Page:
President Trump wants to crack down on botnets, the networks of hacked zombie computers that criminals or adversaries can use to carry out large-scale cyberattacks. Achieving this would surely disrupt the cybercriminal infrastructure, but it will also require that the administration overcome monumental technical and political hurdles.
This month, Trump signed a long-awaited executive order addressing the cybersecurity threat, which many national security experts consider the top threat facing the United States. Though the order contains mostly broad language, it does single out botnets, calling for them to be “dramatically” reduced. Criminals can use botnets to execute a range of different kinds of cyberattacks, from malware and spam distribution to distributed denial of service (DDoS) attacks, which entail flooding a target’s server with artificial traffic. The threat is growing as we connect more cheap webcams, baby monitors, DVRs, and other Internet of things devices, which hackers can use to launch attacks (see “10 Breakthrough Technologies: Botnets of Things”).
The administration has some relatively new tools at its disposal to combat botnets. Recent changes to the federal rules of criminal procedure allow investigators to use a single search warrant to hack into multiple computers comprising a botnet. The Justice Department used this authority recently to dismantle a global botnet that had been stealing banking credentials and distributing e-mail spam and malware. The Trump team could also renew legislative proposals made by the Obama Justice Department that would broaden the instances in which the FBI could get a court order to compel an ISP to shut down botnet traffic, says Zachary Goldman, executive director of the Center on Law and Security at New York University School of Law.
Still, while these new avenues may help law enforcement officials dismantle botnets, they won’t do much to prevent botnet-powered DDoS attacks, which are growing larger and more frequent every year. After a botnet briefly took down much of the Internet for millions of users in the U.S. last October, prominent security researchers warned Congress that the proliferation of poorly secured connected devices represents a market failure, and urged the government to step in to address the growing risk.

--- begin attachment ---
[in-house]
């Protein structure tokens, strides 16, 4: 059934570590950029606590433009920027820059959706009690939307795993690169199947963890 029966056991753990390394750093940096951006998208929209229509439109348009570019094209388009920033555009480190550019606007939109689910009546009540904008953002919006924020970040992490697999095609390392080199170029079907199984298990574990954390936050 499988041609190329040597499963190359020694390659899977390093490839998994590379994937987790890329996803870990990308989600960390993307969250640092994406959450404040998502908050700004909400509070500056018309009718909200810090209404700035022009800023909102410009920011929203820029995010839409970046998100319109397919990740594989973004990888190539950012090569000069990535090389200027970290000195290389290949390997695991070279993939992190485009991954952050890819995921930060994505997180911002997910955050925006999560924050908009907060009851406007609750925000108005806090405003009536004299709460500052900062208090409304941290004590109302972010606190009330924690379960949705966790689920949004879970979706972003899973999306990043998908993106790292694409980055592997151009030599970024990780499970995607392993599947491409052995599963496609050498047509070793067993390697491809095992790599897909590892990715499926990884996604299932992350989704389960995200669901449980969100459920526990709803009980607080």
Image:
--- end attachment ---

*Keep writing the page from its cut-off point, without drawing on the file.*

Exactly how the government should intervene is a matter of debate. At question is which agencies have the proper authorities, which ones should be in charge, and what Internet service providers should be doing to help.
In the absence of government action to cut down on the risky devices connecting to the Internet, ISPs could try to collaborate to root out and stop DDoS attacks before they do much damage. Since these attacks are easiest to detect near the target, and easiest to stop near the source, an automated system that ISPs could use to detect attacks and then signal to other providers upstream to coördinate rapid responses could be particularly effective, says Jim McEachern, senior technology consultant at the Alliance for Telecommunications Industry Solutions (ATIS), a computing industry standards organization. ATIS’s members include ISPs, device makers, and Internet companies.
Components of such a system already exist. The Internet Engineering Task Force, an organization made up of volunteers from the industry that develops new Internet standards, is creating technical standards for a secure messaging system that businesses could use to signal for help that they are under attack. Called DDoS Open Threat Signaling, or DOTS, the system would appeal for assistance from an ISP or other entity with the capacity and necessary tools to filter out the bad traffic—a process called “scrubbing.” If ISPs agreed to coöperate on stopping DDoS attacks, they could also use DOTS to signal between each other, says Andrew Mortensen, an engineer at Arbor Networks who is helping lead the DOTS project.
ISPs haven’t yet agreed to join forces against botnets, and for obvious reasons. The idea raises complicated new business and policy questions, since asking an ISP to block traffic is essentially asking it to forgo revenue, and someone will have to foot the bill for the traffic scrubbing technology, says McEachern. The business-related issues “are going to be at least as challenging as the technical ones.”
Trump’s order gives the Secretaries of Commerce and Homeland Security a year to iron out a plan for beating back botnets and other distributed attacks. That could be too long, Senator Mark Warner of Virginia, cofounder of the Senate Cybersecurity Caucus, told MIT Technology Review in an e-mail statement. “I fear that the president’s lengthy time frame for identifying and promoting actions to address these risks … misapprehends the gravity of these threats.”